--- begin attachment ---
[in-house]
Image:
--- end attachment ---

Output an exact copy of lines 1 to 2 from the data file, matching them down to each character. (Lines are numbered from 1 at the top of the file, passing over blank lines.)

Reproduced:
[in-house]
Image: